The ru­ral econ­omy is an­other key sec­tor for progress. The ru­ral vi­tal­iza­tion strat­egy, first men­tioned d in the re­port to the 19th CPC Na­tional nal Congress, will cre­ate new mo­men­tum tum and room for China’s eco­nomic growth. Im­bal­anced de­vel­op­ment be­tween ur­ban and ru­ral ar­eas has been a persisting prob­lem for China. na. At present, ur­ban-ru­ral ra­tio in per r capita in­come sits at 2.8:1, which in­di­cates a big in­come gap. More than 60 mil­lion peo­ple in the coun­try ntry re­main un­der poverty line, and most ost of them re­side in ru­ral ar­eas. Pac­ing ng up the ru­ral vi­tal­iza­tion strat­egy is es­sen­tial to com­plet­ing the goal of f build­ing a mod­er­ately pros­per­ous

so­ci­ety in all re­spects by 2020.

The ul­ti­mate goal of ac­cel­er­at­ing ru­ral re­forms is to bring pros­per­ity to the ru­ral pop­u­la­tion. This re­quires not only co­or­di­nated de­vel­op­ment of ur­ban-ru­ral ar­eas through bol­ster­ing agri­cul­ture with in­dus­trial de­vel­op­ment and trans­fer­ring sup­port from ur­ban to ru­ral ar­eas, but also in­ter­nal mo­men­tum for de­vel­op­ment in ru­ral ar­eas de­rived from pro­mo­tion of deep pro­cess­ing of agri­cul­tural prod­ucts and growth of ser­vice in­dus­tries, which will ex­pand chan­nels to in­crease in­come. As Chi­nese con­sumers el­e­vate their stan­dards for agri­cul­tural prod­ucts, agri­cul­tural tech­nol­ogy will also ad­vance rapidly. Huge cap­i­tal de­mand for in­fra­struc­ture in ru­ral ar­eas will cre­ate new room for in­vest­ment. As farm­ers’ liveli­hood im­proves, ru­ral ar­eas in China will be­come promis­ing mar­kets for con­sump­tion of elec­tric home ap­pli­ances, cars and more.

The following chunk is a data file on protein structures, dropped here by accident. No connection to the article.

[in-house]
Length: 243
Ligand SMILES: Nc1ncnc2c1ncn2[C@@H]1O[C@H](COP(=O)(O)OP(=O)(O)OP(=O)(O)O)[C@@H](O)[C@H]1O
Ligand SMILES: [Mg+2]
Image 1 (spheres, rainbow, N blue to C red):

Com­plex sit­u­a­tions at home and abroad have con­fronted China with both chal­lenges and op­por­tu­ni­ties. Fac­ing thorny prob­lems in re­form, China needs to take in­no­va­tive mea­sures and make break­throughs in key sec­tors. The coun­try needs to build a mod­er­ately pros­per­ous so­ci­ety with re­duced wealth gap, leav­ing no one be­hind, while at the same time lead­ing global eco­nomic trends, build­ing a com­mu­nity of a shared fu­ture for mankind and mak­ing greater con­tri­bu­tions to the world. A sta­ble en­vi­ron­ment for eco­nomic growth is crit­i­cal for the Chi­nese econ­omy to main­tain vi­tal­ity and com­pe­tence. With a fine-tuned com­bi­na­tion of “steadi­ness” and “progress,” the Chi­nese econ­omy will en­joy healthy de­vel­op­ment in 2018.